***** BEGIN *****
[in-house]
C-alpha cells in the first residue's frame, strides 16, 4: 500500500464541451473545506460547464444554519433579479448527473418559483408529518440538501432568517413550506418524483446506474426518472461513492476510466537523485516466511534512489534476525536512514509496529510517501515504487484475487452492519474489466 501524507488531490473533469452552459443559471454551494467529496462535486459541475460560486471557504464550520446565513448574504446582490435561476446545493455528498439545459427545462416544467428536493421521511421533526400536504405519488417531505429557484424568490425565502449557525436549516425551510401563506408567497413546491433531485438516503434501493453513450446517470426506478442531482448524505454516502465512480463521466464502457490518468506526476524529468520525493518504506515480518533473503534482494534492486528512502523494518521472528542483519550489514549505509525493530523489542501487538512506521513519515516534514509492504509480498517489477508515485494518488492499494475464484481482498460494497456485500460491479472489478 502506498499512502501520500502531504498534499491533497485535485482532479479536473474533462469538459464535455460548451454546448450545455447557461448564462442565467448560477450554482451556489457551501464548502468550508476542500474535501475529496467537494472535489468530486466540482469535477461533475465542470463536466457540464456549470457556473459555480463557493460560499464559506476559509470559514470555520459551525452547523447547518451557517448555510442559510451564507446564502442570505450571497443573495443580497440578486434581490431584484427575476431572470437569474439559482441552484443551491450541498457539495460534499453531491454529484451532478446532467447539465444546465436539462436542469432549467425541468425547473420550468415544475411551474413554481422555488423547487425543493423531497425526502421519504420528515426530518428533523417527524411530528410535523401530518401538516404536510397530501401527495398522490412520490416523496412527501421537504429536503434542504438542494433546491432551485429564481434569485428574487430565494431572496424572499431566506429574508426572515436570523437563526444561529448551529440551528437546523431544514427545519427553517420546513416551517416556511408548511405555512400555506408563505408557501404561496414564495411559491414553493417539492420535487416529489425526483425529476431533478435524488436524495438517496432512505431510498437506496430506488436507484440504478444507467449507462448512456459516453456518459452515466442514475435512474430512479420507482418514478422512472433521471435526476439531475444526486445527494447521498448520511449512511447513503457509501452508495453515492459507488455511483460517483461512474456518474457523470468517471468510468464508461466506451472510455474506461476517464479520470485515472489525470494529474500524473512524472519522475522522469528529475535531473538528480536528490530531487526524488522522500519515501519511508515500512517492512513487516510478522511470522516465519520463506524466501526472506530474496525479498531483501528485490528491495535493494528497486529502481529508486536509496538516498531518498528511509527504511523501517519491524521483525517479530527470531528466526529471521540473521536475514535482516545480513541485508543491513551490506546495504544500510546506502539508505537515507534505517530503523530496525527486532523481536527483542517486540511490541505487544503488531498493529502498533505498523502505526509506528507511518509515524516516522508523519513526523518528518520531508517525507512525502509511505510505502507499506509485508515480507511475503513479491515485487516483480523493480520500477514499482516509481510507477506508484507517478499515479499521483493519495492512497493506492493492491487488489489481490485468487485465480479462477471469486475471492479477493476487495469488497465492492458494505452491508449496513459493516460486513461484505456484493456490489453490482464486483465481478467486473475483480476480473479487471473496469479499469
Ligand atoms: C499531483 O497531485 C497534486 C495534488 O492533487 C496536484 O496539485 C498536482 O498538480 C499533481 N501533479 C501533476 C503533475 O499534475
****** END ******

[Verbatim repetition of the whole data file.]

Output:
[in-house]
C-alpha cells in the first residue's frame, strides 16, 4: 500500500464541451473545506460547464444554519433579479448527473418559483408529518440538501432568517413550506418524483446506474426518472461513492476510466537523485516466511534512489534476525536512514509496529510517501515504487484475487452492519474489466 501524507488531490473533469452552459443559471454551494467529496462535486459541475460560486471557504464550520446565513448574504446582490435561476446545493455528498439545459427545462416544467428536493421521511421533526400536504405519488417531505429557484424568490425565502449557525436549516425551510401563506408567497413546491433531485438516503434501493453513450446517470426506478442531482448524505454516502465512480463521466464502457490518468506526476524529468520525493518504506515480518533473503534482494534492486528512502523494518521472528542483519550489514549505509525493530523489542501487538512506521513519515516534514509492504509480498517489477508515485494518488492499494475464484481482498460494497456485500460491479472489478 502506498499512502501520500502531504498534499491533497485535485482532479479536473474533462469538459464535455460548451454546448450545455447557461448564462442565467448560477450554482451556489457551501464548502468550508476542500474535501475529496467537494472535489468530486466540482469535477461533475465542470463536466457540464456549470457556473459555480463557493460560499464559506476559509470559514470555520459551525452547523447547518451557517448555510442559510451564507446564502442570505450571497443573495443580497440578486434581490431584484427575476431572470437569474439559482441552484443551491450541498457539495460534499453531491454529484451532478446532467447539465444546465436539462436542469432549467425541468425547473420550468415544475411551474413554481422555488423547487425543493423531497425526502421519504420528515426530518428533523417527524411530528410535523401530518401538516404536510397530501401527495398522490412520490416523496412527501421537504429536503434542504438542494433546491432551485429564481434569485428574487430565494431572496424572499431566506429574508426572515436570523437563526444561529448551529440551528437546523431544514427545519427553517420546513416551517416556511408548511405555512400555506408563505408557501404561496414564495411559491414553493417539492420535487416529489425526483425529476431533478435524488436524495438517496432512505431510498437506496430506488436507484440504478444507467449507462448512456459516453456518459452515466442514475435512474430512479420507482418514478422512472433521471435526476439531475444526486445527494447521498448520511449512511447513503457509501452508495453515492459507488455511483460517483461512474456518474457523470468517471468510468464508461466506451472510455474506461476517464479520470485515472489525470494529474500524473512524472519522475522522469528529475535531473538528480536528490530531487526524488522522500519515501519511508515500512517492512513487516510478522511470522516465519520463506524466501526472506530474496525479498531483501528485490528491495535493494528497486529502481529508486536509496538516498531518498528511509527504511523501517519491524521483525517479530527470531528466526529471521540473521536475514535482516545480513541485508543491513551490506546495504544500510546506502539508505537515507534505517530503523530496525527486532523481536527483542517486540511490541505487544503488531498493529502498533505498523502505526509506528507511518509515524516516522508523519513526523518528518520531508517525507512525502509511505510505502507499506509485508515480507511475503513479491515485487516483480523493480520500477514499482516509481510507477506508484507517478499515479499521483493519495492512497493506492493492491487488489489481490485468487485465480479462477471469486475471492479477493476487495469488497465492492458494505452491508449496513459493516460486513461484505456484493456490489453490482464486483465481478467486473475483480476480473479487471473496469479499469
Ligand atoms: C499531483 O497531485 C497534486 C495534488 O492533487 C496536484 O496539485 C498536482 O498538480 C499533481 N501533479 C501533476 C503533475 O499534475